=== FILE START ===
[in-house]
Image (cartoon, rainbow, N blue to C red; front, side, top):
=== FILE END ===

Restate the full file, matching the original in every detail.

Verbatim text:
[in-house]
Image (cartoon, rainbow, N blue to C red; front, side, top):